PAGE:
“I mean Francis might work, but––” Frank walked off. “Sensitive, isn’t he?”
Gregor chuckled. “Try not to tease him. All the rest of us do, but we’ve known him longer. A few of our other allies you saw in Los Angeles are absent at the moment, but I am sure you will be introduced later.”
“Uh huh,” Aaron said, beginning to accept what was going on. “So why am I here? Why now, it’s been a week since I met you?”
“It’s Saturday night,” Gregor replied as if it was obvious and returned to the table with the map.
“It’s just the time of week that Strigoi meet. It’s in our biology.”
“Our magic biology.”
“Okey-dokey. Way to make biology more complicated, I already got a C in high school.” Aaron looked at the map that was laid out on the table. It was a large, tattered map of the U.S. made of thick paper, of the kind that would roll down in front of the whiteboard in a classroom. Ink markings in various shapes and colors, most of them red, had been sketched all across the nation and outside the borders.
“What’s this?” Aaron asked, and attempted to lift the map, but his hand simply passed through the paper as the candle had through him. He tried twice more with the same result then pressed his hand straight through the table. “I can touch you guys but not the map?”
“We are magic,” Gregor explained. “The table is not.”
“Ah. Lots of rules to learn. Hey, why don’t I fall through the floo––” Gregor caught him by the shoulder as he was falling through the floor, suddenly up to his chest in sticky, colorful carpet. Greger lifted him to his feet with one arm, making Aaron think he must be very strong until he realized he wasn’t actually lifting anything.
“Okay,” Aaron said. “Wile E. Coyote rules. You don’t fall until you think you should fall.”
“You will learn to control it better with time, along with your other abilities.”
“What kind of abilities, anyway?”
“Hard to say. So much is lost in rumor. They are never very many Strigoi Viu, and most go through their lives oblivious to their gifts. Some say they can summon the elements, alter the heavens, limited only by the energy they can take from the living things around them.” Gregor paused dramatically, staring over the table.
“Um…‘kay. So what’s with the map?”
“Our efforts,” Gregor said. “Our goals. Our allies. Our enemies.”
“All in America?”
“For now. It’s a land of immigrants. And excellent microcosm for the world as a whole.”
Aaron thought about where he was, about what he was doing here. “What’s the endgame?”
Gregor idly scratched at his beard, staring into the map. “Peace,” he said, a final answer.
Admirable enough answer, thought Aaron, but the implications, the possibilities of what Gregor meant unnerved him some. Peace for whom? And by what means?
“Must you always be so dramatic?” Marigold asked, looking at him slyly.
“For now,” Gregor replied, fittingly.
“So what is the endgame?” Aaron asked Marigold.
Gregor leveled a weighted glance at her and she raised he palms in mock surrender and sat down in one of the little chairs. Her long dress lifted over her feet briefly and Aaron got a glimpse at what he thought to be cloven hooves.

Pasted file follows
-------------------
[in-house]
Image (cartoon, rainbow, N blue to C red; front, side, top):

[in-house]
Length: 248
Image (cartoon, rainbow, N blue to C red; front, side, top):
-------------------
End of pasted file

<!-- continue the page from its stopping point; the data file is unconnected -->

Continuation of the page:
Aaron glared at Gregor. “You’re not telling me? You’re not even letting me know what’s going on?”
“All in due time.”
“Aaron, dear, don’t bother,” said Marigold.
“No, no, none of you give me that bullshit. You all track me down, rifle through my head for information, drag me into this whole fucking Dungeons and Dragons world in which I’ve been shot at and beaten up repeatedly, and summon my damn soul to a Chuck E. Cheese’s God knows where, and you won’t even tell me why? Fuck that! I have the fucking right to know this shit!”
“It is not important right now that you know the entirety of the plan,” Gregor said.
“Bullshit!” Aaron cried and all the candles in the room puffed out.
Gregor swiveled until his eyes were a mere inch or two from Aaron’s. In whatever dim light was left for his nonexistent eyes to adjust to Aaron could see that he had no reflection in Gregor’s eyes, in which the rest of the room could be seen upside down. “You have a bit of a problem with authority, do you not, boy?” Gregor said quietly.
Aaron edged closer still to Gregor’s face and whispered, “Who said you were authority?”
Gregor smiled a toothy, notably fangless smile. “Good. I like that in a soldier.” He stepped back. “You will be told what you desire in due time. For now I can say this: For far too long the Motetz Dam have been––”
“Wake up, lazy bones,” rang Clive’s voice as Aaron awoke in his shaking tent. The impression of his astral projection quickly faded away but for a brief moment he could sense both ends, unable to hold them both in clarity. He unzipped the tent and poked his head out into the nighttime desert air where Clive was crouched.
“Pack everythin’ up, we’ve go’ a job.” He stood and walked towards the RV. As Aaron rubbed dust out of his eyes Clive stopped and craned his head back at him. “Heard you mu’ering something in your sleep. Any idea wha’ that was about?”
Aaron took a long, dreadful pause. “No idea.”
In a matter of minutes the RV had been packed up and the group were on their way down the highway. The Job Clive had referred to was a few mysterious deaths in Oklahoma which they were being sent out to investigate. It would apparently take a couple of days to get there even driving constantly, which they apparently planned to do. Clive had first shift.
“Isn’t there anyone else to do this?” Aaron asked. “We’re driving half way across the country.”
“There’s one other major group of vamp hunters that’s fit to travel around like this,” Marcy explained. “They’ve been pulling a long job up in Washington for a while now. Whatever’s up there, they really want to make sure it’s dead.”
Aaron looked around the RV. It was an old thing, but kept in good shape, the engine running smoothly and all the surfaces clean. It was also very quiet. Clive drove in silence while Marcy occupied her time cleaning a variety of pistols on the table across from Aaron and Richie laid in the bunk in the back idly flicking a lighter, apparently attempting to sleep.